Human Connections Across Nations Charting the Future of Academia

Map of Scientific Collaboration 2008-2012. Data from Elsevier, Scopus synthesized and processed by Olivier H. Beauchesne olihb.com
Map of Global Scientific Collaboration 2008-2012. Data from Elsevier, Scopus synthesized and processed by Olivier H. Beauchesne olihb.com (Creative Commons Licensing)

Economists tend to agree that knowledge is the quintessential “non-rival good” – meaning it does not diminish by sharing, and in fact increases with greater connectivity. Among the greatest collective triumphs of globalization and the internet has been the speed and span of research collaboration. The value of such international exchanges cannot be underestimated for various reasons. First such exchange promotes the flow of ideas between epistemic traditions which has the potential for harnessing synergies between different research methods, and a constant questioning of entrenched biases in particular knowledge geographies. Second, cognizance of research activities across universities worldwide ensures that redundancies and inefficiencies that occurred in times like the Cold War can be avoided. Most significantly academic collaborations create a higher purpose for cross-cultural communication that can be the most potent antidote to global distrust and conflict through “science diplomacy.” Yet knowledge transfer has a human element that cannot be neglected. The most efficacious messengers and manifestations of such knowledge exchange are migrant students who traverse the globe far more freely today.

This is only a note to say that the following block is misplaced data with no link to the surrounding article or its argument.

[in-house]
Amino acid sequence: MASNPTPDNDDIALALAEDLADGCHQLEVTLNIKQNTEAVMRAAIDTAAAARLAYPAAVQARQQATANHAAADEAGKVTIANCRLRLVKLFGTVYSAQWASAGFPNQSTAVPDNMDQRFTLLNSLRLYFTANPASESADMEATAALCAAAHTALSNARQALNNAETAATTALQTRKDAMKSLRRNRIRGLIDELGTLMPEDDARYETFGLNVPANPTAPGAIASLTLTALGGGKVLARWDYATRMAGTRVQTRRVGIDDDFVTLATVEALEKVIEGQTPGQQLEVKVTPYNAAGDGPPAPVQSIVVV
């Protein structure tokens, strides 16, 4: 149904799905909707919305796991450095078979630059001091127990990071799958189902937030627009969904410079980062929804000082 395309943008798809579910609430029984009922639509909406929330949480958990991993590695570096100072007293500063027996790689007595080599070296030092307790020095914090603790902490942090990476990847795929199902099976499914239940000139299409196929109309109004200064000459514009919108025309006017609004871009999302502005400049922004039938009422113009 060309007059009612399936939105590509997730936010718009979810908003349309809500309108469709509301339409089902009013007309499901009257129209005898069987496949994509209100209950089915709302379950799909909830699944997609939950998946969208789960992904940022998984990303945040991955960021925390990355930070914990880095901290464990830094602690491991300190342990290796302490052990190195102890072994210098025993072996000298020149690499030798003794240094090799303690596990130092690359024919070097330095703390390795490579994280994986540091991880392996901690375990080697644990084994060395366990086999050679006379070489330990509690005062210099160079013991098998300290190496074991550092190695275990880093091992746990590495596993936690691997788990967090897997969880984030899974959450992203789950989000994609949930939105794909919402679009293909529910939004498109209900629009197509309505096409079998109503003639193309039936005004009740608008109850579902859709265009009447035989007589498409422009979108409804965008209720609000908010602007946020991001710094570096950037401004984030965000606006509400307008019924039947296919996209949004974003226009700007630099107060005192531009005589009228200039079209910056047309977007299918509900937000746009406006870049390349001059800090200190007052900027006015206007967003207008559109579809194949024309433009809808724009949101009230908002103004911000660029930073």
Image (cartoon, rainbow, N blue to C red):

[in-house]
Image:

I had an opportunity reflect on the virtue of the migrant academic’s experience this week when I attended the valedictory celebration of our Provost at the University of Queensland, Professor Gao Qing Max Lu who will be joining the University of Surrey as Vice Chancellor. This move marks a particular milestone in academic history since he will be the first Chinese-born and educated academic to lead a university in an OECD Country. The personal journey of Professor Lu as an immigrant from an impoverished region in China to take on his doctoral studies in Australia more than 25 years ago exemplifies —> Read More

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